Astros need more offense to compete
Sometimes, hitting is more important than pitching.
Anyone who watched the Astros’ bullpen blow leads after the sixth inning against the Cincinnati Reds on Friday and Sunday know this.’
Friday, Astros closer Jose Valverde earned his first blown save of the season when he gave up a two-run homer to Ramon Hernandez in the top of the ninth that turned a 1-0 Houston lead into a 2-1 deficit.’
Reliever Geoff Geary didn’t give Valverde a chance to bounce back Sunday, as Geary gave up a two-run double to Micah Owings in the seventh inning that gave the Reds a 3-1 lead. Geary also made a throwing error on Alex Gonzalez’s sacrifice bunt attempt that plated the Reds’ first run of the game and gave Owings a chance to give Cincinnati the lead.
Before fans begin to curse the bullpen, they should take a look at how many runs the Astros had scored up to that point – one. The Astros’ pathetic excuse for an offense has hampered their chances at starting the season well.
Entering Monday, the Astros’ .242 team average ranks 23rd in Major League Baseball this season. Houston is dead last in runs scored (36), second-to-last in RBIs (36), 29th in doubles and it is hitting .211 with runners in scoring position. There’s no other way to put it: the Astros’ offense is a joke.
Astros’ fans aren’t laughing, and neither are their pitchers. Houston’s 4.46 team ERA (entering Monday) is nothing to celebrate, but it isn’t as ugly when one throws out starter Brian Moehler’s (27.00) and reliever Wesley Wright’s (10.80) ERAs.’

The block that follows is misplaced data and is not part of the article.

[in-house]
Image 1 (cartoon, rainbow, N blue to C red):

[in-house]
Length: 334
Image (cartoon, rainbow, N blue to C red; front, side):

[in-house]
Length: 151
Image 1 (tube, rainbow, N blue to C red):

The bullpen hasn’t been stellar, but protecting a one-run lead isn’t easy. Maybe if the offense scored more than three runs per game, the pitchers wouldn’t feel the need to press against every batter. If a pitcher walks a batter to lead off an inning when his team is up by one, the lead is already in jeopardy.’
With pitchers like Russ Ortiz (6.23 ERA) in rotation, the Astros need to rack up runs if they want to have any chance of being a respectable team this season. Fans shouldn’t expect a playoff run, because Houston sports the oldest lineup in MLB at 32.6 years per player.’
Pitching wins games, but when the offense is a joke, the pitching has to be perfect to avoid losses. Astros fans should get used to blown leads and lousy offensive outputs unless the offense can hit its stride soon.’
Russ Ortiz and Mike Hampton won’t throw perfect games every time they are on the mound. Expecting them to shut down potent lineups regularly is not a formula for success. Neither is expecting an old lineup to score runs at will.